--Jim Wollak, Parishioner
The proverbs we study this week in our message series, Foolproof, focus on everyone’s favorite topic — money. Money can make us feel awkward, proud, uncomfortable, happy, and pretty much any emotion in between. The proverbs this week, found in the Old Testament, speak about how to be smart with money. Jesus flipped the tables of money-changers in the temple square in Jerusalem while simultaneously inviting tax collectors to be his apostles, and many of the saints we celebrate today are noted for their piety, generosity, and dedication to simple living.
Matthew’s gospel provides an account of the rich young man who asks Jesus what he might do in order to successfully enter the kingdom of heaven. Jesus reminds him to keep the Commandments (which the young man says that does), commands him to give away all of his possessions to the poor, and asks him to follow him and his disciples. Upon hearing this, “the young man went away sad, for he had many possessions,” and Jesus says to his disciples, “Amen, I say to you, it will be hard for the one who is rich to enter the kingdom of heaven. Again I say to you, it is easier for a camel to pass through the eye of a needle than for one who is rich to enter the kingdom of God,” (Matthew 19:22-24).
Some very popular saints, like Francis and Clare, gave up everything in order to serve their communities, and stories of their generosity and that of those who followed them, prove to be ubiquitous in Catholic tradition. So it’s interesting to find out that there is indeed a patron saint to consult for financial matters: Saint Matthew (yes, the same Matthew whose gospel is full of treatises about money and the importance of generosity). Matthew was a tax collector in Jesus’s time, one of the most (if not the most) despised of all professions. The Pharisees, scribes, and Jewish people at large generally considered them to be liars and cheats, charging more taxes than were truly owed and keeping the difference for themselves.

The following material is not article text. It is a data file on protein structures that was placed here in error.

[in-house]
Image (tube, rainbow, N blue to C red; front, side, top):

But Jesus asked that Matthew turn from his tax collecting anyway and become an Apostle, one of his most trusted friends and advisors. This Matthew did. He was honest about his shortcomings and abandoned them for a life in Christ. As the patron saint of bankers, bookkeepers, accountants, and tax collectors, Matthew’s example reminds us to keep our relations with money centered in Christ. His story implores us to spend our money wisely, to be cognizant of the impact our money has on others (negative and positive), and to keep our money dealings respectful, remembering that God is the one true God which we serve and honor (especially as it feels like everything is fiscally-motivated these days).
Prayer to Saint Matthew: Matthew, you acknowledged your relationship with money and admitted your sinful ways in order to turn into the warmth of Christ’s love. Help me to use my money wisely and honorably, that I might too feel the eternal light of God.
--Claire Kosewic, Staff Bulletin Writer
It may sound odd mentioning righteousness and winning with money in the same sentence, but stewardship involves managing our treasure (money) as we travel along our own paths to righteousness.
As stewards, we win with our money when we give our time, talent, and treasure to those we are certain need help. We also win when we give a portion of our gifts to God. Proverbs encourages us to “[h]onor the Lord with [our] wealth” (3:9). On this feast of Corpus Christi, we celebrate Jesus’ sacrificial gift of himself, his body and blood, to us in Communion. After Melchizedek blessed him, Abraham “gave him a tenth of everything” (Gen. 14:20). Saint Paul also reminds us: “I received from the Lord what I also handed on to you” (1 Cor. 11:23-25).
If we want to stay on the course to righteousness, we also shouldn’t delay or postpone an opportunity to help someone, whether they reach out to us or not. We don’t win with our money if we postpone giving to a need that motivates us. We aren’t effective stewards if we don’t think we have anything to offer that would help others or their situation.
Stewardship helps keep us on the path to righteousness because when we share our gifts, we are focused on helping others, and aren’t thinking about our own wants and desires.
Again, stewardship isn’t ultimately about giving to a particular need, it’s needing to give, as much and as best we can. Stewardship enables us to win though our efforts, and we move forward along the path of righteousness.